MARK BEESON. Politics and climate change: Academia’s missing contribution

Academics who specialise political science are frequently not taking the implications of their discipline seriously when it comes to climate change.

Going to academic conferences is always interesting; sometimes fun. While the general public may view such events with a healthy degree of scepticism⎯ they generally foot the bill, after all⎯they do offer an opportunity to take the intellectual temperature and see what one’s peers are up to. 

After recently attending one of the biggest political science jamborees this country has ever hosted, I found the results somewhat deflating, especially for anyone hoping for innovative ideas about how to address climate change. The unfortunate reality is that the academic community is usually (very) long on rhetoric and rather short of ideas about how to stop the planet from becoming an unliveable wasteland.

There were, to be sure, no end of earnest, well-intentioned discussions about the ‘securitisation’ of the environment and the importance of discursive practices. Indeed, it is impossible not to like and rather admire the seriousness with which one’s colleagues address such issues: they are undoubtedly some of the smartest people one could hope to meet and possessed of uniformly impeccable morals and values.

Unfortunately, many of the people causing the problems are not. On the contrary, the likes of Donald Trump, and his recently departed Environmental Protection Agency Administrator Scott Pruitt, are seemingly entirely without morals or any sense of shame. Even more alarmingly, they are also either genuinely ignorant about basic climate science or dismissive of its importance because it conflicts with their personal political and/or economic interests.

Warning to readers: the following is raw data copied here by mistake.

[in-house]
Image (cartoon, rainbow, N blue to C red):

Pruitt’s replacement as EPA head is Andrew Wheeler, a former coal industry lobbyist who has earned more than $700,000 spruiking the benefits of continuing coal use. 

Much the same sorts of points could be made about the Australian situation where the government continues to champion the merits of the industry and its role as a reliable and cheap source of energy. Even more improbably, Resources Minister Josh Frydenberg argues that there is a ‘moral imperative’ for Australia to follow the US lead because coal can allow countries such as India to escape energy poverty. This ought to be one moral debate my colleagues could win.

Yet anyone who has been paying attention to the debate in this country or the US will be entirely unsurprised by these facts – yes, there still are such things in the world. While my clever colleagues may be right to highlight the importance of the discursive production of knowledge, they seem less concerned about thinking about its consequences. No matter how brilliantly argued their disquisitions about the moral imperative of applying notions of universal justice and equality may be, they are almost laughably at odds with the political reality we collectively face.

At a time when popular confidence in expert knowledge has never been lower, arcane debates about epistemology and ontology are not going to resonate outside the seminar room. This is not an argument for dumbing down the conclusions of our research, but it is a plea for making it a little more accessible and relevant. While we are locked in our self-referential intellectual universe and largely immune to the consequences of the problems we claim to be concerned about, the planet’s beginning to fry.